Interestingly enough, this label is even more ambiguous than the bottle I had at the time (I’m not sure if Health Canada has a different labelling requirement than the FDA, or if the one pictured is an older/newer version than the one I seen).

While it is true that caffeine is indeed listed as an ingredient, the issue I have is that one is not expecting it based on the front face of the bottle. Unlike the bright yellow appearance, Energy name and clearly listed caffeine content on the front of the Glaceau mineral water offering, one look at Bai leaves someone with the impression of an antioxidant drink, and little more.

While I ended up spotting the caffeine listing soon enough to avoid a terrible night of rest, I have to wonder how many people (teenagers?!) don’t. I am also unsure of what benefits (if any) come from the antioxidants. This isn’t exactly a bad thing, though I can’t help but think that these beverages would have been right at home on the Dr. Oz Show.
Then there is the caffeine. This aspect introduces a possible addiction vector by way of the fact that it’s hidden (or at very least, ambiguously labelled). You know what you are getting if you purchase any variety of energy drinks in a can, but not if you think you are buying juice.

With the Bai rant out of the way, back to America’s most decorated sellout . . .

The author of the article raises an interesting question with the mention of John Fetterman as the pro-choice, pro-equality, pro-worker, pro-democracy candidate. It makes me wonder what Dr. Oz’s stance on abortion is.

While seemingly on the right side of this, the bit about this being up to the American people and their elected representatives is certainly problematic. Something that the man knows, given past comments on the subject.

Either way, he’s wrong. It has been obvious for decades what can and WILL happen if the uneducated people are allowed to have a say in the abortion debate. And in this age of Republican extremism, there is no longer any room for feeble pro-life pandering.

You are either a crusader for equal access to healthcare and equality, or you are not. By that metric, Dr. Oz has lost the plot.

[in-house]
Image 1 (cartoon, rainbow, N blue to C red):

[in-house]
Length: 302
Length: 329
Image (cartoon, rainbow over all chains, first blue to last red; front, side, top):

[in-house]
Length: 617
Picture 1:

Do School Girl Uniforms Have A Place In Pornography Or Sex Shops?

Of all the topics that I didn’t think I would ever find myself commenting on, this certainly has to be near the top of that nonexistent list. Nonetheless, it is a question being asked by a small but brave group of feminists in a UK high school.

Today, we will be exploring an article detailing the reason why this group has taken this stance. Not just for the sake of commenting on their argument, but also for the sake of digging into the full picture of what is happening.

Let’s begin.

These British students are trying to ban school uniforms in sex shops, pornography

Group’s petition has obtained enough signatures to trigger a government response

It was Friday lunchtime at a high school in Sandbach, England, and the conversation among a group of students was bleak: teenage girls talking about their experiences of being sexually harassed on their way to school.

“I remember we were on a public bus. And the bus driver told us it was OK to take our tights off if we wanted to. He said he preferred it when we wore the old uniform at school and our skirts were shorter. I was 11,” said Alice, now a Grade 11 student.

“When I was walking home once in my school uniform, I had a man in his thirties get close to me and say that he was going to rape me as he walked past. It was just horrific,” said Hannah, also in Grade 11.

Hannah and Alice — whose names have been changed and ages left out at the request of their school — are part of the feminism group at Sandbach High School, located south of Manchester.

Petition has earned response from U.K. government

The group is petitioning the U.K. government to ban school uniforms from being sold in costume and sex shops and worn in pornography.

“When we were walking to and from school, on public transport, and we were in our school uniforms, we’d been catcalled, sexually harassed, honked at,” said Alice. “And we kind of wondered why, and why people feel so entitled to, like, sexually harass schoolchildren and make us feel so uncomfortable.”

That is an excellent question.